lady beaming up at me with a smile that lit up entire being

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wanabee

Senior Member
Japanese
Dear all,

The first day of school our professor introduced himself and challenged us to get to know someone we didn't already know . I stood up to look around when a gentle hand touched my shoulder. I turned around to find a wrinkled, little old lady beaming up at me with a smile that lit up her entire being.
http://www.suddenlysenior.com/growingupoptional.html

I have three questions about interpretation of the bolded part:

1. I think "beam up at" means "smile at", so "beaming up at me with a smile" is hard for me to understand. Is it redundant?
<< Moderator note: only one question per thread please - the second two have been deleted. Feel free to start threads for each>>

Thank you in advance.
 
Last edited by a moderator:
  • JulianStuart

    Senior Member
    English (UK then US)
    You should read this as
    "a wrinkled, little old lady beaming up at me with a smile that lit up her entire being."
    The apparent redundancy is required to specify what kind of smile is being used in this instance of beaming.
     

    wanabee

    Senior Member
    Japanese
    You should read this as
    "a wrinkled, little old lady beaming up at me with a smile that lit up her entire being."
    The apparent redundancy is required to specify what kind of smile is being used in this instance of beaming.
    Thank you very much, JulianStuart. :)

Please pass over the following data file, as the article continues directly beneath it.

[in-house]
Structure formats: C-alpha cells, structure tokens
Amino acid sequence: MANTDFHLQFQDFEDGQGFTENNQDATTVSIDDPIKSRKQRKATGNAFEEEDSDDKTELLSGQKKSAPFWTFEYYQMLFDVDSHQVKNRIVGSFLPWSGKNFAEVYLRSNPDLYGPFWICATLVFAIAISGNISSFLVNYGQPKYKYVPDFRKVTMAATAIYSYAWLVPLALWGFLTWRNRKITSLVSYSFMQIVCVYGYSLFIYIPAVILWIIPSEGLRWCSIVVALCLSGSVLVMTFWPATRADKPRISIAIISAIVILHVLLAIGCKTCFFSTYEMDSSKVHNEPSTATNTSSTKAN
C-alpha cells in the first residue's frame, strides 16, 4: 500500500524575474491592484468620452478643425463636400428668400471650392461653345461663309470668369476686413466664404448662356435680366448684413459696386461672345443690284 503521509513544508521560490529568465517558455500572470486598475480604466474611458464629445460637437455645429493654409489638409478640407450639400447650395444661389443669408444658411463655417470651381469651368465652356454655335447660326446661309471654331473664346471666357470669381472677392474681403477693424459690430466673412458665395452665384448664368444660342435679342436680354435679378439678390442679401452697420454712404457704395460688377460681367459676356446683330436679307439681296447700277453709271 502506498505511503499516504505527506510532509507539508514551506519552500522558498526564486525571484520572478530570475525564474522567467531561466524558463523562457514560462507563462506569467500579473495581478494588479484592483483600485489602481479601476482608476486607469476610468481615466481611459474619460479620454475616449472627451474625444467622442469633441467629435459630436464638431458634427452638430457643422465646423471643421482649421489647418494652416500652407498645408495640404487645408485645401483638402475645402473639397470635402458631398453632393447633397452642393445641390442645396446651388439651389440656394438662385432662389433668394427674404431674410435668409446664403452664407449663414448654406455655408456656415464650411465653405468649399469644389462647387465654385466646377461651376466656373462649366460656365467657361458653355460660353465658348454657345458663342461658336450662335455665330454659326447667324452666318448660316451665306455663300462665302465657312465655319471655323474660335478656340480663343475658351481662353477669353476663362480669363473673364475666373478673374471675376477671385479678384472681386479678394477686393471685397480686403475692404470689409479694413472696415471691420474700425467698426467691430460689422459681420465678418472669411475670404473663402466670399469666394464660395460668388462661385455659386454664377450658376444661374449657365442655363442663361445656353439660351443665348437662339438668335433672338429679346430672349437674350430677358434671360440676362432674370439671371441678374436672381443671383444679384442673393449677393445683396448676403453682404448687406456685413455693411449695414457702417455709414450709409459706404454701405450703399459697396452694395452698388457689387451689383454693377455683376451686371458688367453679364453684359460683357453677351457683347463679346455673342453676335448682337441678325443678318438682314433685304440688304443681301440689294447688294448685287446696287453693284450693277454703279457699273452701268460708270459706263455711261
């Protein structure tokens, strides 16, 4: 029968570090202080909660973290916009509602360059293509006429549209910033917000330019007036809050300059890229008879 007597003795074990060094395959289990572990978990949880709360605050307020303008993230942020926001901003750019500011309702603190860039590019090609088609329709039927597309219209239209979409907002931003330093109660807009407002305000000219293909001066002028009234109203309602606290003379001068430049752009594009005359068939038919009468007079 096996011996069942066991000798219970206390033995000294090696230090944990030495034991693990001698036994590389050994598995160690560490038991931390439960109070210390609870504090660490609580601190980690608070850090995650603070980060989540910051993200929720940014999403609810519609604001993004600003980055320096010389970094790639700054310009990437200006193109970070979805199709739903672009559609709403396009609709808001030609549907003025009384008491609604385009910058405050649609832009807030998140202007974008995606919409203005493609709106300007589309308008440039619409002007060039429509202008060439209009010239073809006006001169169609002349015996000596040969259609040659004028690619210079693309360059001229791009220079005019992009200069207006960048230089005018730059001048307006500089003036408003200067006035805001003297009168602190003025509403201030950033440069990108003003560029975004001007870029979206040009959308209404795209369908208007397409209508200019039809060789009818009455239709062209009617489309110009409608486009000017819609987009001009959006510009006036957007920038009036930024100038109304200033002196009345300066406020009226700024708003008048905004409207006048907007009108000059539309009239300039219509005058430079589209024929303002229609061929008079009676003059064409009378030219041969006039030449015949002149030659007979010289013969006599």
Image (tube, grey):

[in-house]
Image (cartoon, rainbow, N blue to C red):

That sort of construction is completely new (and interesting) for me. Or is that not redundant in the first place?
    Do native English speakers use that structure sometimes?
     
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    Biffo

    Senior Member
    English - England
    This is a perfectly normal construction, e.g.

    The athlete jumped the hurdles with ease.
    The lady looked at me with a smile.
     

    wanabee

    Senior Member
    Japanese
    This is a perfectly normal construction, e.g.

    The athlete jumped the hurdles with ease.
    The lady looked at me with a smile.
    Thank you very much, PaulQ and Biffo.:)
    Yes, I wished to have another example.
    To me, the original sentence looked like "The lady gave me a smile with a smile that lit up her entire being." :confused:
     

    Biffo

    Senior Member
    English - England
    Thank you very much, PaulQ and Biffo.:)
    Yes, I wished to have another example.
    To me, the original sentence looked like "The lady gave me a smile with a smile that lit up her entire being." :confused:
    Yes, you are right. I would have written your version like this:

    "The lady smiled at me with a smile that lit up her entire being." (correct but repetitious)

    The author has used 'beamed' to avoid the obvious repetition but hasn't removed the redundancy completely.
     

    PaulQ

    Banned
    UK
    English - England
    Actually, it would be "The lady smiled up at me with a smile that lit up her entire being." Fortunately, there is an alternative verb for "to smile" so we do not get the repetition.
     

    wanabee

    Senior Member
    Japanese
    Yes, you are right. I would have written your version like this:

    "The lady smiled at me with a smile that lit up her entire being." (correct but repetitious)

    The author has used 'beamed' to avoid the obvious repetition but hasn't removed the redundancy completely.
    I see. I appreciate your help so much. :)
     

    wanabee

    Senior Member
    Japanese
    Actually, it would be "The lady smiled up at me with a smile that lit up her entire being." Fortunately, there is an alternative verb for "to smile" so we do not get the repetition.
    Yes, I totally understand. It's really interesting... Thank you so much, PaulQ. :)
     
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